A solider dangling from his parachute like an unpicked apple, confronted with a pervasive humidity, the thick muddy paste of mangroves beneath, surrounded by a blanket of seemingly never-ending green foliage; this is the predicament that opens Canopy, writer/director Aaron Wilson’s first-person take on the sensory experience of being lost at war.
During the battle for Singapore in World War II an Australian pilot is shot down over the jungle. He must do whatever he can to conceal himself from the Japanese and find his way to allied forces.
Canopy gets into your head. You actually feel like you’re stranded in a foreign forest. Not like a video game geek says they know what it is like in the Battle of Stalingrad because they’ve played Call of Duty; but the sensory flood of sounds, treacherous images and the appropriation of the trickery that your mind will play on you when your adrenaline is on overdrive creates unparalleled tension. Although an immediate comparison may be to Terrence Malick’s aesthetic in The Thin Red Line, The New World or Tree ofLife it’s not to the languid philosophical landscapes, it’s fear inducing camouflage. The more you allow yourself to get in the protagonist’s head, the more you’ll find yourself holding your breath and straining to find any trace enemy combatants in the frame. There was not a moment in this crowd funded production ($24,000 dollars on Pozible.com) that you grit your teeth at glaring ‘dodgy-ness’. On location shooting and brief but perfectly conceived flares of CGI to show Singapore ablaze in the background ensure that you’re locked into this ordeal from start to finish.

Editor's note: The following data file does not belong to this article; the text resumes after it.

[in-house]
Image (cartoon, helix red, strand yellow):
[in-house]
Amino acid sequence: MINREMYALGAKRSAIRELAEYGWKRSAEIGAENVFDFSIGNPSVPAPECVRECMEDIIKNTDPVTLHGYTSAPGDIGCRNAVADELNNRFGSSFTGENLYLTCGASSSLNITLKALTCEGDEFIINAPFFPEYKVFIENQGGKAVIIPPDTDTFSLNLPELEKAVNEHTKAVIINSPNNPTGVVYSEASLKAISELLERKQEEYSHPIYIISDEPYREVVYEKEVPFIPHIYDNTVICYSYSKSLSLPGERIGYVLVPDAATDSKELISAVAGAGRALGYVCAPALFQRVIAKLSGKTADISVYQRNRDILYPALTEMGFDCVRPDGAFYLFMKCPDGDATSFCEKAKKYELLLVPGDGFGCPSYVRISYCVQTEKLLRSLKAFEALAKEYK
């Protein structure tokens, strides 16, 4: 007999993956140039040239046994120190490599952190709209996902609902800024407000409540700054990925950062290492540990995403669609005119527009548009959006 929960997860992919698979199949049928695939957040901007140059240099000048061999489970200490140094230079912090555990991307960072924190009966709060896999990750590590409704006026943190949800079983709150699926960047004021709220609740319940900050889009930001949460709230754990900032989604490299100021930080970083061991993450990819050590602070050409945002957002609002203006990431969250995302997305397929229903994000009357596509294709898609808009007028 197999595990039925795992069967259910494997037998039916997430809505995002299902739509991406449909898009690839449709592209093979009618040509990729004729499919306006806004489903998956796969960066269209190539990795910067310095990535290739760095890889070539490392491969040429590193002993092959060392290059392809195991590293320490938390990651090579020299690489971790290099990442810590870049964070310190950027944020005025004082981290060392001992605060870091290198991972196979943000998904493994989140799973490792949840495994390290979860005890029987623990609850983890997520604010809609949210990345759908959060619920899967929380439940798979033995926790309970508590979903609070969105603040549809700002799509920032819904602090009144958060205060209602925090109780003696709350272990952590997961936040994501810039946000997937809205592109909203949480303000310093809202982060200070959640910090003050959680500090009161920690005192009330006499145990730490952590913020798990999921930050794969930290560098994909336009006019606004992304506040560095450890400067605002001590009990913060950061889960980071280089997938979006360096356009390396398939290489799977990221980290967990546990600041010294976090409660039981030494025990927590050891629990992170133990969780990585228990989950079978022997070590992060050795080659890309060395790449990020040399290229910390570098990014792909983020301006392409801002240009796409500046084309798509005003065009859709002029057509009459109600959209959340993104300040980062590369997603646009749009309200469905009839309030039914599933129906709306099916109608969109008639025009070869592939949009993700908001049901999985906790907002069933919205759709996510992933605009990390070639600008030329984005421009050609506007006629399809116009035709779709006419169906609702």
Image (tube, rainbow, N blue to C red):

The narrative is thread bare. Jim (Khan Chittenden) is lost, wordlessly refraining from vocalising thoughts because speaking will reveal his position to the enemy. There’s a whole series of exchanges between the protagonist and a Chinese solder Seng (To Tzu-Yi), another ‘AWOL’ ally that he encounters, which involves less than ten words. Wilson crafts great wordless exchanges that convey volumes. The camera gets intimate with Jim and Seng to allow you to appreciate the nuance in the performances. Both actors adorn these stoic masks that quickly crack to reveal the fear, pain and rage of helplessness.
It’s by Canopy‘s methods that you find your detail absorption levels tuned up and there were some moments you may feel as if the intentionally agonisingly lengthy moments do outstay their welcome. In the wake of a particularly dicey moment that Jim and Seng avoid detection by a Japanese squad you’re subjected to more internalised, dehydrated, adrenalized state. It feels like reeling against even the smallest amount of story and at that moment you’re yearning for more characterization.
Canopy is war cinema as a near virtual reality experience and the sensory deprivation affects you like a memory.
Blake Howard – follow Blake on Twitter here: @blakeisbatman and listen to legacy audio reviews on That Movie Show 2UE here or on top-rating film podcast Pod Save Our Screen, available now on iTunes.
Directed by: Aaron Wilson
Written by: Aaron Wilson
Starring: Khan Chittenden, To Tzu-Yi